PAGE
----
For the Digital I/O, I started by making two circuits; one LED and one switch, both connected through the Ardunio. Once I got this working, I recreated the same two circuits on a different part of the breadboard. The switch part of this was a little harder because I used a different type of switch to challenge myself. I couldn't get this second part working for a while, and then realized I had my LED lined up backwards. Once I fixed it, it ended up working fine! The code wasn't too hard to write for this code, as it was basically the same thing repeated twice, except I changed the pin numbers, as the Input and the Output were through different pins in the different circuits. It was interesting and different working with the Ardunio instead of just the breadboard. It was helpful starting small and working my way up, it helped me understand it step-by-step.
Making the breakout board was an interesting, new challenge. I first, broke out two piece of the snap-out board. I then laid out a switch and a 22k ohm resistor on the first board and two LED's and a 100 ohm resistor on the second board. Then, I laid out the wires that needed to be put on these boards. I connected the input to the first board through the resistor, and then connected the output and ground to the corresponding spots on the switch. On the second board, I put the input to the resistor and the output to the LED's. Then, I soldered these wires to their correct spots! Soldering was a challenge, it took me a few tries to get the hang of it. I then connected these breakout boards to the correct ports in the breadboard/ardunio. I used my Digital I/O board for reference on knowing where to put which wires. I then wrote a few lines of code telling the ardunio to turn the LED's on if the switch was on "High." It worked on my first try!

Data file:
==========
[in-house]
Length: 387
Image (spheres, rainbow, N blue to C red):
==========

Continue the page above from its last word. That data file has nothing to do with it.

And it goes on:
Welcome to my progress blog for my Object course at the University of Colorado, Boulder. Enjoy watching my process as my ideas become a reality.